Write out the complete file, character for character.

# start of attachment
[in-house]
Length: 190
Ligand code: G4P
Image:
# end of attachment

[in-house]
Length: 190
Ligand code: G4P
Image: